Overwhelmed Writer Rescue - eBook (1) (1)Helping other writers to work comfortably and creatively is something I enjoy doing, because I know from experience how painful and uncomfortable writing can be. If you’re doing it for only an hour a day you may not notice it too much, but most writers are at the computer quite a bit. Me, personally, I spend hours working on projects for my clients, and then more hours working on my own projects. Add in the marketing we now have to do and you’re talking about significant time spent typing away.

Meanwhile the body and mind are not made to spend hours and hours at the computer. It’s just not good for us. It puts us at risk for repetitive stress injuries like carpal tunnel, muscle and ligament strains, tennis elbow, neck and back pain, shoulder pain, computer vision syndrome, hunchback, and so much more. After you’ve been doing it for 20 years like I have, you begin to see and “feel” some of the consequences of your actions!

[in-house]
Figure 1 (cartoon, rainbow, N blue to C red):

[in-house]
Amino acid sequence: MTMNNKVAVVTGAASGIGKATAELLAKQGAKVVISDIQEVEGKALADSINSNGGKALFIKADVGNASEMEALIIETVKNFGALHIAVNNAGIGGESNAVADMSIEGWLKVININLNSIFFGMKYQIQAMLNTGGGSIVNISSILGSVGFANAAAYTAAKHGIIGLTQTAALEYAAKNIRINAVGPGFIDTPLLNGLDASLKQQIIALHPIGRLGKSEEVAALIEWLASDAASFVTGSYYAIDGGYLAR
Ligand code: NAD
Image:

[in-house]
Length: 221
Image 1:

Through my own experience and because of my regular review of scientific studies, I’ve learned some important safeguards we can all put into place to help protect our bodies and minds from the deterioration that can occur as a result of all that time at the computer. If we approach it the right way, we can boost focus, energy, and productivity so we can make the most of the writing time we have.

This post, Why Print Books are Healthier to Read before Bed , shows you’ve put lots of thought into this. What is your goal with “Writing and Wellness?”

My goal with writing and Wellness, first of all, is to help empower people to live more rewarding and fulfilling creative lives. The tagline for the site is “Empower, Nourish, and Replenish the Creator Within,” and when I’m writing a new blog post or book or whatever, my number-one thought is, “How can I help the reader do just that?”